Sometimes, cancer don’t just happen; they come with various signs and symptoms that if it is detected on time, it can be prevented. But many people, who experienced these common cancer symptoms in the past, took it for granted and by the time they take action, it’s already too late. So, don’t be like those who saw these signs and blew it up.
Here are the common cancer signs to watch out for.
Change in the way a mole looks
Be on the alert if you see a strange variation in your skin or any unusual mole because we never know when the deadly skin cancer melanoma can strike. It cuts across all age groups and often appears first in the form of unusual moles. You need to go and see your doctor quickly if you spot a new mole or one that’s growing or changing color.
Persistent cough or hoarseness
Coughs that don’t go away could signal lung cancer, especially if you’re a heavy smoker. Also, a scratchy voice may serve as a sign of head and neck cancers. That’s because malignancies can directly affect your voice box or damage the nerves that control it, paralyzing your vocal cords. Experts say that head and neck cancers are on the rise in young men due to increased rates of infection with the HPV virus, which can cause the cancers.
Watch out for swollen lymph nodes in your armpit, neck, groin or breast that don’t go away after a few months. Although, some lymph nodes sometimes appear when you have cold that simply means your body is fighting an infection. But unexplained lumps that aren’t accompanied by signs of infection could be lymphoma, which tends to occur at a young age. For men, any lumps in your testicles may signal testicular cancer.
Changes in bladder habits
Bladder problems are often associated with the very old and infirm. But guess what? Adults of all ages, including many who are seemingly healthy, can have unusual bladder symptoms and they can be warning signs of problematic health conditions. Having to pee more often or more urgently than usual could be a sign of prostate cancer.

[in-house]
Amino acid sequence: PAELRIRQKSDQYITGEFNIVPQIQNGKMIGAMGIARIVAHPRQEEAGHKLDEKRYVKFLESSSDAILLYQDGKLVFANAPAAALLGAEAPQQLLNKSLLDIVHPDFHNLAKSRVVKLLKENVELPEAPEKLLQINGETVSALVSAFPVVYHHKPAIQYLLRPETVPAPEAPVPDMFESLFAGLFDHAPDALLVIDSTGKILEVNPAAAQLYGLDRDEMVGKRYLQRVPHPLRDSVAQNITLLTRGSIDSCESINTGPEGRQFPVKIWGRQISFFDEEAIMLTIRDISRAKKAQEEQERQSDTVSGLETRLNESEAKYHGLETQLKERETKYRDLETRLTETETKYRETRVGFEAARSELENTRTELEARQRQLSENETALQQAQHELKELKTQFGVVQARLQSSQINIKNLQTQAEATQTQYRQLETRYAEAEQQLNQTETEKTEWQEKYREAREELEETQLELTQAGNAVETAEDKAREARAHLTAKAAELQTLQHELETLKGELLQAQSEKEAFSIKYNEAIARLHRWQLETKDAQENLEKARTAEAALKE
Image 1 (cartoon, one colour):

New bowel routines
If you feel there is something new or wrong about your bowel movement, don’t sweep it under the carpet, go and find out why. Colon cancer can cause long-term constipation, diarrhea, or a change in the way your poop looks. (It often appears narrower.) Some cancers have genetic links, like prostate and colon cancers, so stay more alert for new bathroom patterns, if you have a family history of any of this.
Unexplained Weight loss
When you’re not eating less or exercising more, and you experience sudden weight loss, then know that some problem are brewing somewhere. This unexplained weight loss could point to colon or liver cancer due to a phenomenon called cachexia. That’s when tumors release compounds that change your metabolism in complex ways, reducing your body’s ability to use protein and calories and wasting away muscles and fat. Pay attention to this if colon cancer runs in your family or you’re a heavy drinker.
Lingering unexplained pain
In most cases, you can pinpoint a reason your back or chest aches. However, if such lingers for three months or longer, it’s time to schedule an appointment. That’s because tumors pressing on nerves, organs, or bones can cause aches. Also, if you have severe abdominal pain that won’t go after trying different medications, then you can’t ignore that. Though there are many potential causes, several common and serious cancers like those of the stomach and pancreas have this symptom.
Blood in your phlegm could mean lung cancer, while spotting it in the toilet could signal kidney, bladder, or colon cancer. And a skin tag that bleeds could be skin cancer. Tumors can bleed themselves, or damage the blood vessels or lining of the lungs. Don’t wait before getting this checked out. If it’s severe, sudden, or you have symptoms of shock—such as a rapid pulse or a drop in blood pressure, head straight to the hospital.
Sores that don’t heal
When sores refuse to heal, then you need to check it up because some skin cancers show up this way. Sores in your mouth could be linked to oral cancer, especially if you smoke, drink, or have HPV. These are all factors that raise your risk. Ask your doctor to check your sores if they don’t go away within three- to six-months.
If you can’t gulp, it may signal head and neck cancer. Tumor may be blocking your throat. As with oral cancer, smoking, drinking, and HPV can all increase your risk. Failure to swallow is also linked with cancers of the stomach or esophagus. Though these diseases aren’t common in young men, people with reflux have a higher risk of esophageal cancer, and those with ulcers may be prone to stomach cancer.